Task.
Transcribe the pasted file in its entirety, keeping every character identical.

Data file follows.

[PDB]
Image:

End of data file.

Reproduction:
[PDB]
Image: